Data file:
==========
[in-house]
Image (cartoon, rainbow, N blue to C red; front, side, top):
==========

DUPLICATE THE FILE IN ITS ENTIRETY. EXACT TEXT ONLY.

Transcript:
[in-house]
Image (cartoon, rainbow, N blue to C red; front, side, top):